What is rh disease?

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Rh disease

Rh disease is a serious pregnancy problem that can affect a baby (fetus) with Rh-positive blood if the mother has Rh-negative blood. Because their blood types don't match, the mother's immune system will make antibodies that cause the fetus's red blood cells to be destroyed. This can lead to anemia, jaundice, and dangerous swelling.

Rh disease is also called hemolytic disease of the newborn or erythroblastosis fetalis.

Rh disease is the result of Rh sensitization, which causes the Rh-negative mother to make antibodies that attack the fetus's Rh-positive red blood cells. The more red blood cells are destroyed, the worse the effect on the fetus. In severe cases, the baby may die before or after birth.

Rh sensitization usually happens during childbirth, so a fetus in a first pregnancy may not have Rh disease. But each future Rh-positive fetus will be at risk, and Rh disease tends to be worse with each Rh-positive pregnancy.

In some cases, a fetus in a first pregnancy does have Rh disease. This can happen if the mother was Rh sensitized during a miscarriage, abortion, or ectopic pregnancy or because of a test that causes bleeding in the uterus during pregnancy, such as an amniocentesis or chorionic villus sampling. A blood test can show if a woman has Rh sensitization and whether her baby is at risk.

Treatment for Rh disease depends on how severe the disease is, which can be checked with regular testing throughout the pregnancy. A fetus with mild Rh disease may not need any special treatment. One who is more severely affected may need to have a blood transfusion while still in the uterus and to be delivered early.

A woman with Rh sensitization is likely to be cared for by a high-risk pregnancy specialist (perinatologist).

How can you prevent Rh disease?

If you are Rh-negative, your doctor gives you an Rh immune globulin shot (such as RhoGAM). It helps prevent your body from making the antibodies that attack your baby's red blood cells.

Timing is important. You need the shot at certain times during your pregnancy. And you need one anytime there is a chance that your baby's blood might mix with yours. That can happen with certain prenatal tests or when you have pregnancy bleeding, such as:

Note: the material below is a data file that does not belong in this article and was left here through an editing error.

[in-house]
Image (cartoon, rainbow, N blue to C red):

• Right after any pregnancy loss, amniocentesis, or CVS testing.
  • After turning of a breech baby.
  • Before and maybe after childbirth. Your doctor gives you a shot around week 28. If your newborn is Rh-positive, you will have another shot.

What is Rh disease?

Rh disease can be a serious problem in pregnancy. It happens when substances called antibodies in the mother's blood cause red blood cells in her baby's blood to be destroyed. This can occur when the blood types of a mother and her baby do not match.

All blood has an Rh factor. This is what makes a blood type positive or negative. When you are Rh-negative, your baby may be Rh-negative or Rh-positive. If your baby has Rh-positive blood and it mixes with yours, your body will make antibodies. This is called Rh sensitization.

Most of the time, this is not a problem in a first pregnancy. But in future pregnancies, it could cause Rh disease.

A newborn with Rh disease has mild anemia and may have jaundice. In severe cases, anemia, jaundice, and swelling can be very dangerous or fatal. Some babies need to be delivered early. Some need special care in the NICU. A very sick baby will need a blood transfusion before or after birth.

Fortunately, Rh sensitization is usually easy to prevent.

That's why it's important to get your Rh status checked in your first trimester. It doesn't cause any warning signs. A blood test is the only way to know if you are Rh-sensitive or are at risk for it.

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